US immigration officials have been instructed to ask parents separated from their children under Donald Trump’s “zero-tolerance” immigration policy to choose whether to return to their countries with – or without – their offspring.
(AhlulBayt News Agency) - US immigration officials have been instructed to ask parents separated from their children under Donald Trump’s “zero-tolerance” immigration policy to choose whether to return to their countries with – or without – their offspring.
The instructions, laid out in a government form, come one week after a judge ordered the Trump administration to reunite the roughly 2,300 migrant children who were ripped apart from their parents at the border.
The form, which was first reported by NBC News, presents two options to migrant parents as part of a notice for removal from the United States: “I am requesting to reunite with my child(ren) for the purpose of repatriation to my country of citizenship” or “I am affirmatively, knowingly and voluntarily requesting to return to my country of citizenship without my minor child(ren) who I understand will remain in the United States to pursue available claims of relief”.
Disturbing reports have already emerged about parents deported involuntarily without their children.
Immigration advocates have objected to the form, citing asylum laws that allow for migrants to pursue their claims even if they have been issued an order for deportation.
Lee Gelernt, a lawyer with the American Civil Liberties Union (ACLU), said the form did not provide an option for migrants to challenge their removal before a judge.
“The government is misleading parents into thinking they can only get their child back if they agree to removal,” said Gelernt.
The ACLU is leading a lawsuit to stop the Trump administration from separating families and to swiftly reunite parents and children.
The issue has emerged among the most controversial of Trump’s presidency. Last week, a judge in the southern district of California ordered the US government to reunite parents with children under the age of five within 14 days and ordered that all other children separated from their parents be reunited within 30 days.
The Trump administration has nonetheless provided little clarity on its plans to reunite families.
“Right now, we don’t know of any comprehensive plan the government has,” said Gelernt. “We’re concerned both about whether they’re going to meet the deadlines and whether there is noncompliance.”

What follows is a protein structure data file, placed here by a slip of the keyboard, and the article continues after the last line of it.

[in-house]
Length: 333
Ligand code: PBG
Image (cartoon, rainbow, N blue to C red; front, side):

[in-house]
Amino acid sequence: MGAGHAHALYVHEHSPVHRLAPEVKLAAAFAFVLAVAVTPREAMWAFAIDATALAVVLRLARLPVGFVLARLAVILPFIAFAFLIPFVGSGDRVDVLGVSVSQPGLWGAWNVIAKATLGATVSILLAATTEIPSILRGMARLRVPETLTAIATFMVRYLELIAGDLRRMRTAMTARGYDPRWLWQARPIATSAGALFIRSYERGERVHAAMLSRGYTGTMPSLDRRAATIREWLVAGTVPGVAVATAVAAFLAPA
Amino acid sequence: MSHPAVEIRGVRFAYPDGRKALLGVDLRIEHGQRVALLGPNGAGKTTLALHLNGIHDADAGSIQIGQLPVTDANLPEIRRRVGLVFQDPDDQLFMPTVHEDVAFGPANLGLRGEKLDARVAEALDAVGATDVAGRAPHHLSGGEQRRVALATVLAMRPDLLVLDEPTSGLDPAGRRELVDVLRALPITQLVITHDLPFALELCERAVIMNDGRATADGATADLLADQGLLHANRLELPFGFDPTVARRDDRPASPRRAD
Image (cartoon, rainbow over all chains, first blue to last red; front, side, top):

The ACLU is in the midst of negotiating with the government to get a list of every parent separated from a child. The parties are scheduled to appear before a court in San Diego on Friday, which marks another deadline set out by last week’s preliminary injunction – that detained parents be allowed to speak to their children over the phone within a period of 10 days.
In the 26 June ruling, Judge Dana Sabraw ordered the Trump administration to stop deporting parents without their children unless the parent “affirmatively, knowingly and voluntarily” agreed to being removed from the country alone. It is not known how many parents were deported without their children prior to the judge’s decision.
Government officials have privately acknowledged they are struggling to meet the judge’s deadline to reunite families. According to a report in Politico published on Monday, staffers at the Office of Refugee Resettlement, the federal division that oversees unaccompanied migrant children, said they had yet to receive instructions on how to proceed.
The health and human services secretary, Alex Azar, testified before Congress last week that “several hundreds” of children who were being held in detention centers and migrant shelters had been reunited with parents or relatives. Azar estimated that as of last Monday, 2,047 children remained in the custody of the US government. Those numbers have not been independently verified.
A group of Democratic senators demanded further updates in a letter sent to the Trump administration on Monday.
“We are deeply concerned by reports of chaotic attempts to reunify parents and children that have been separated at the border,” the letter, which was addressed to Azar and the secretary of homeland security, Kirstjen Nielsen, stated. “The hastily-signed order provided no clarity on how to reunify families, or how to handle families that have already been separated or new families that cross the border seeking asylum.”
The letter sought a list of separated children, names of parents or adult relatives, and another list linking the two.